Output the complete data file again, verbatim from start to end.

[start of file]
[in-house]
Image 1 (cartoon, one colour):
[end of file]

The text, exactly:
[in-house]
Image 1 (cartoon, one colour):